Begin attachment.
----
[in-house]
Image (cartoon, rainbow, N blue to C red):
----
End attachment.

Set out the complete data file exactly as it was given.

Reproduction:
[in-house]
Image (cartoon, rainbow, N blue to C red):